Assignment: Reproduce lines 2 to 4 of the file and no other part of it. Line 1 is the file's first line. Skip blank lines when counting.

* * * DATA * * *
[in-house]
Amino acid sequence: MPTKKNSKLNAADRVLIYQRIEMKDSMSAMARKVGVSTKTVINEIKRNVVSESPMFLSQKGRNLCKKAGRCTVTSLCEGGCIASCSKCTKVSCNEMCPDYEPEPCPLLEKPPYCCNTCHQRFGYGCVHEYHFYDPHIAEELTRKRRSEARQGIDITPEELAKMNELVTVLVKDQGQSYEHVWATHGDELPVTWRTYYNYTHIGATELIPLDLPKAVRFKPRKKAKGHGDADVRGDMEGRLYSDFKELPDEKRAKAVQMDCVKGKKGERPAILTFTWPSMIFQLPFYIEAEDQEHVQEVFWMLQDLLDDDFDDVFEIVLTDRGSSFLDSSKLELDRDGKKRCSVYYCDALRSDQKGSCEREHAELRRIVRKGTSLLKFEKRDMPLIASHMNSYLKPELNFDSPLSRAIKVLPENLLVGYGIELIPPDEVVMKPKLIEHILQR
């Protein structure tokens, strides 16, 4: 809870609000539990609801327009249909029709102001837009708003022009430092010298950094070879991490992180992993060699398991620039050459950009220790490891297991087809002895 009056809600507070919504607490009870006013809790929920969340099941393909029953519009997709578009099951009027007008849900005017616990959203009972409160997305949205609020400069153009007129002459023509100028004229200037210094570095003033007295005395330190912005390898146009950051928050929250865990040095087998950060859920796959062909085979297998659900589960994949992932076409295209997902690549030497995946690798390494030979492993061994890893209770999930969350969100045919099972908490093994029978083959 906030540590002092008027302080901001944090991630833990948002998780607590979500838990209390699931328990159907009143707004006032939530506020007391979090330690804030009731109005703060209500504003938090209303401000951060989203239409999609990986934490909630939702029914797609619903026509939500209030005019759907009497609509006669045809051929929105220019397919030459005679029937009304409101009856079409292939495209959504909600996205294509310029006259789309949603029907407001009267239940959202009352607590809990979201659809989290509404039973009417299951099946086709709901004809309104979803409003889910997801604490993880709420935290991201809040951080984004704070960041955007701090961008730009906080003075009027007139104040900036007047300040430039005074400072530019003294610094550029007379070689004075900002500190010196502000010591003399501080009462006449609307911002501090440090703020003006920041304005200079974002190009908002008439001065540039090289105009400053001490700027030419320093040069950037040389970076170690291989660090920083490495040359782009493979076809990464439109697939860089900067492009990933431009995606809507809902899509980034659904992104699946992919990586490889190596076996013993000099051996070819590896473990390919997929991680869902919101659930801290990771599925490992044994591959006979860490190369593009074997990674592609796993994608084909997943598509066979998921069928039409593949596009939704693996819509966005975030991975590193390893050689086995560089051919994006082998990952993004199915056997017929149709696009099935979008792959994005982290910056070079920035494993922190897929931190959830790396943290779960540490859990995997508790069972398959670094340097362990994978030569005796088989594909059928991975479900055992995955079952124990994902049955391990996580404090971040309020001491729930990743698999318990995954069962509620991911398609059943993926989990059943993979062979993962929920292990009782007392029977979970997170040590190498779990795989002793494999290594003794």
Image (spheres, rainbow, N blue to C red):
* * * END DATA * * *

Amino acid sequence: MPTKKNSKLNAADRVLIYQRIEMKDSMSAMARKVGVSTKTVINEIKRNVVSESPMFLSQKGRNLCKKAGRCTVTSLCEGGCIASCSKCTKVSCNEMCPDYEPEPCPLLEKPPYCCNTCHQRFGYGCVHEYHFYDPHIAEELTRKRRSEARQGIDITPEELAKMNELVTVLVKDQGQSYEHVWATHGDELPVTWRTYYNYTHIGATELIPLDLPKAVRFKPRKKAKGHGDADVRGDMEGRLYSDFKELPDEKRAKAVQMDCVKGKKGERPAILTFTWPSMIFQLPFYIEAEDQEHVQEVFWMLQDLLDDDFDDVFEIVLTDRGSSFLDSSKLELDRDGKKRCSVYYCDALRSDQKGSCEREHAELRRIVRKGTSLLKFEKRDMPLIASHMNSYLKPELNFDSPLSRAIKVLPENLLVGYGIELIPPDEVVMKPKLIEHILQR
């Protein structure tokens, strides 16, 4: 809870609000539990609801327009249909029709102001837009708003022009430092010298950094070879991490992180992993060699398991620039050459950009220790490891297991087809002895 009056809600507070919504607490009870006013809790929920969340099941393909029953519009997709578009099951009027007008849900005017616990959203009972409160997305949205609020400069153009007129002459023509100028004229200037210094570095003033007295005395330190912005390898146009950051928050929250865990040095087998950060859920796959062909085979297998659900589960994949992932076409295209997902690549030497995946690798390494030979492993061994890893209770999930969350969100045919099972908490093994029978083959 906030540590002092008027302080901001944090991630833990948002998780607590979500838990209390699931328990159907009143707004006032939530506020007391979090330690804030009731109005703060209500504003938090209303401000951060989203239409999609990986934490909630939702029914797609619903026509939500209030005019759907009497609509006669045809051929929105220019397919030459005679029937009304409101009856079409292939495209959504909600996205294509310029006259789309949603029907407001009267239940959202009352607590809990979201659809989290509404039973009417299951099946086709709901004809309104979803409003889910997801604490993880709420935290991201809040951080984004704070960041955007701090961008730009906080003075009027007139104040900036007047300040430039005074400072530019003294610094550029007379070689004075900002500190010196502000010591003399501080009462006449609307911002501090440090703020003006920041304005200079974002190009908002008439001065540039090289105009400053001490700027030419320093040069950037040389970076170690291989660090920083490495040359782009493979076809990464439109697939860089900067492009990933431009995606809507809902899509980034659904992104699946992919990586490889190596076996013993000099051996070819590896473990390919997929991680869902919101659930801290990771599925490992044994591959006979860490190369593009074997990674592609796993994608084909997943598509066979998921069928039409593949596009939704693996819509966005975030991975590193390893050689086995560089051919994006082998990952993004199915056997017929149709696009099935979008792959994005982290910056070079920035494993922190897929931190959830790396943290779960540490859990995997508790069972398959670094340097362990994978030569005796088989594909059928991975479900055992995955079952124990994902049955391990996580404090971040309020001491729930990743698999318990995954069962509620991911398609059943993926989990059943993979062979993962929920292990009782007392029977979970997170040590190498779990795989002793494999290594003794």
Image (spheres, rainbow, N blue to C red):